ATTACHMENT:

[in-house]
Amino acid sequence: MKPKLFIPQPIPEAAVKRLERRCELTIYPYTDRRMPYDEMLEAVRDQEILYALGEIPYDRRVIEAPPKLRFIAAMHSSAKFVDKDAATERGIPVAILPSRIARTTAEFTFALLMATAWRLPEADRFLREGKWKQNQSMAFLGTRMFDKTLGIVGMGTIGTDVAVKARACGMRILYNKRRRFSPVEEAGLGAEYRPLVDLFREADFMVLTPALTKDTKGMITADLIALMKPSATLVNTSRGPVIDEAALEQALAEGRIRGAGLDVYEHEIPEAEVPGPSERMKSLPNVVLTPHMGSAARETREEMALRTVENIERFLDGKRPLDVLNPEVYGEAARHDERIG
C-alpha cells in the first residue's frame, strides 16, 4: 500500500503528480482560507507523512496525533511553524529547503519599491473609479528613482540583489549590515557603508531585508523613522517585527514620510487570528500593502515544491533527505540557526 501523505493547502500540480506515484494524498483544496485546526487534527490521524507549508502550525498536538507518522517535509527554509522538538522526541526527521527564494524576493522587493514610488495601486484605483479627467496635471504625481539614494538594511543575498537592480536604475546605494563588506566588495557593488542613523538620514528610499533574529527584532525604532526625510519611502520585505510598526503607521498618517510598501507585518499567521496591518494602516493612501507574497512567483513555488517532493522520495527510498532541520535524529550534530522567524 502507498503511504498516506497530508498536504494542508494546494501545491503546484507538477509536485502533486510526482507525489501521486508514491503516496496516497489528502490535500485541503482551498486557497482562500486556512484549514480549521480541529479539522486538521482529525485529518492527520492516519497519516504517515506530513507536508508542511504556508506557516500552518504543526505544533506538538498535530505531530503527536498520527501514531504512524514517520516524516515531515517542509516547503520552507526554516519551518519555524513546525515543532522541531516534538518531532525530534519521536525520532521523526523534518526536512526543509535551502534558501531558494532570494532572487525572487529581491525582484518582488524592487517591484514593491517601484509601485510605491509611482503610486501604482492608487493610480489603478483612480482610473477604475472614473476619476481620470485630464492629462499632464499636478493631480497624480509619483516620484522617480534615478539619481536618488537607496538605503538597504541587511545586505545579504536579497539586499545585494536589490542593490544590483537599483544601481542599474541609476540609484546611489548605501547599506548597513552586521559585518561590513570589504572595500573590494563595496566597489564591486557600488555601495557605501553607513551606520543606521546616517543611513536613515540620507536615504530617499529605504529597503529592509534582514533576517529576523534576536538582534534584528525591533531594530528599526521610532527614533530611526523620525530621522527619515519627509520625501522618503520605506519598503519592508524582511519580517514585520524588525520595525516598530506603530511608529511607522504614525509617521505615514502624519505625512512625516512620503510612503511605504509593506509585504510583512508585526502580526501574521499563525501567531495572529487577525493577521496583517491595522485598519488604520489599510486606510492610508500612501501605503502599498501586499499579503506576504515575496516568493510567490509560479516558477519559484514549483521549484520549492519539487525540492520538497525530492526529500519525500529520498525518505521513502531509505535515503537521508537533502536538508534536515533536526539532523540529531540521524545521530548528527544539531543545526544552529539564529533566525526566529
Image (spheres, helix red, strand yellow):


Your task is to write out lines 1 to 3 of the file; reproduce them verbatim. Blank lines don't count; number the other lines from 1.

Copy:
[in-house]
Amino acid sequence: MKPKLFIPQPIPEAAVKRLERRCELTIYPYTDRRMPYDEMLEAVRDQEILYALGEIPYDRRVIEAPPKLRFIAAMHSSAKFVDKDAATERGIPVAILPSRIARTTAEFTFALLMATAWRLPEADRFLREGKWKQNQSMAFLGTRMFDKTLGIVGMGTIGTDVAVKARACGMRILYNKRRRFSPVEEAGLGAEYRPLVDLFREADFMVLTPALTKDTKGMITADLIALMKPSATLVNTSRGPVIDEAALEQALAEGRIRGAGLDVYEHEIPEAEVPGPSERMKSLPNVVLTPHMGSAARETREEMALRTVENIERFLDGKRPLDVLNPEVYGEAARHDERIG
C-alpha cells in the first residue's frame, strides 16, 4: 500500500503528480482560507507523512496525533511553524529547503519599491473609479528613482540583489549590515557603508531585508523613522517585527514620510487570528500593502515544491533527505540557526 501523505493547502500540480506515484494524498483544496485546526487534527490521524507549508502550525498536538507518522517535509527554509522538538522526541526527521527564494524576493522587493514610488495601486484605483479627467496635471504625481539614494538594511543575498537592480536604475546605494563588506566588495557593488542613523538620514528610499533574529527584532525604532526625510519611502520585505510598526503607521498618517510598501507585518499567521496591518494602516493612501507574497512567483513555488517532493522520495527510498532541520535524529550534530522567524 502507498503511504498516506497530508498536504494542508494546494501545491503546484507538477509536485502533486510526482507525489501521486508514491503516496496516497489528502490535500485541503482551498486557497482562500486556512484549514480549521480541529479539522486538521482529525485529518492527520492516519497519516504517515506530513507536508508542511504556508506557516500552518504543526505544533506538538498535530505531530503527536498520527501514531504512524514517520516524516515531515517542509516547503520552507526554516519551518519555524513546525515543532522541531516534538518531532525530534519521536525520532521523526523534518526536512526543509535551502534558501531558494532570494532572487525572487529581491525582484518582488524592487517591484514593491517601484509601485510605491509611482503610486501604482492608487493610480489603478483612480482610473477604475472614473476619476481620470485630464492629462499632464499636478493631480497624480509619483516620484522617480534615478539619481536618488537607496538605503538597504541587511545586505545579504536579497539586499545585494536589490542593490544590483537599483544601481542599474541609476540609484546611489548605501547599506548597513552586521559585518561590513570589504572595500573590494563595496566597489564591486557600488555601495557605501553607513551606520543606521546616517543611513536613515540620507536615504530617499529605504529597503529592509534582514533576517529576523534576536538582534534584528525591533531594530528599526521610532527614533530611526523620525530621522527619515519627509520625501522618503520605506519598503519592508524582511519580517514585520524588525520595525516598530506603530511608529511607522504614525509617521505615514502624519505625512512625516512620503510612503511605504509593506509585504510583512508585526502580526501574521499563525501567531495572529487577525493577521496583517491595522485598519488604520489599510486606510492610508500612501501605503502599498501586499499579503506576504515575496516568493510567490509560479516558477519559484514549483521549484520549492519539487525540492520538497525530492526529500519525500529520498525518505521513502531509505535515503537521508537533502536538508534536515533536526539532523540529531540521524545521530548528527544539531543545526544552529539564529533566525526566529